We are fortunate to have teachers who care
Thank you, Andrew Dys, for your column of Sept. 16 regarding teachers who teach children as pupils who deserve an opportunity to learn regardless of their parents' economic status. Thanks to you, now I know the rest of the story. As a long time admirer of Judge Lee Alford, I was well aware of some of the unfortunate circumstances regarding his father's death in a car accident in the 1950s.
I lost track of Judge Alford after I graduated from high school, joined the Navy and then went to college in Michigan. I was so proud when I first learned he was a judge in South Carolina and have been impressed over the years with what I have read and learned from talking with others about him. We are all fortunate to live in a city where teachers truly care about their students.
Frank H. Black
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Herald should expand local sports coverage
Regarding your Sept. 19 editorial, "S.C. kids don't play sports":
My initial reaction to your opinion was that I certainly agreed, but also felt your own sports department/editor does a disservice to our own community by not providing more thorough coverage of "other sports."
Most of your pictures and articles of interest are always of football (high school to pro), basketball (mostly boys), baseball and any coverage of "other sports" is usually always about Winthrop or the pros.
Hardly ever are there pictures or articles of high school girls' golf or swimming, or tennis, etc. There are athletes in these sports that have even earned "All Region." "All State," etc. -- and they never receive local news recognition.
I understand the popularity and the income producing need of high school football, but I would like to strongly urge you to consider adding a page to your sports section to include and support all sports in our very own local community. Though Winthrop sports can be fun to follow, it seems a shame that our own high school athletes who number many times more (therefore offering you a larger reader pool) often only get a tiny printing of a final score of their game/match.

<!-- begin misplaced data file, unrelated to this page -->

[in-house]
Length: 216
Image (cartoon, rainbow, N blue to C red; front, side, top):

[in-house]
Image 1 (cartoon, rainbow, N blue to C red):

I have to also say, if everyone looked back over all of your sports sections from the last year, they would find a very small percentage of pictures of female athletes.
Seeing one's sport (not to mention your own picture) in the paper can be a wonderful motivator for kids to stay or get active. I hope The Herald will help in this endeavor.
Lydia B. Lochocki
Separation of church and state is fundamental
I love America. I love her today. This country was founded upon a secular constitution that laid out a democratic republic. The only mention of religion in the main body is in Article VI: "... no religious test shall ever be required as a qualification to any office or public trust under the United States." And the only mention of religion in the amendments is in the First: "Congress shall make no law respecting an establishment of religion, or prohibiting the free exercise thereof." The same amendment guarantees freedom of speech and of the press.
Something is right in America when people question the acts of our government, particularly when such acts lead to war. Something is right in America when indoctrination into a particular religion is not allowed in public schools. Something is right in America when public school students are taught about how their bodies work along with the other skills they need to thrive in the world today. Something is right with America when we elect leaders who oppose intolerance of groups whose private actions harm no one, even if some moralists find those actions distasteful.
Stay the course, America. Our founding fathers' choice to separate church and state has helped to make us the envy of the world. Look around at the countries of the world that allow one form or another of religion to rule and see if you'd care to live in any of them.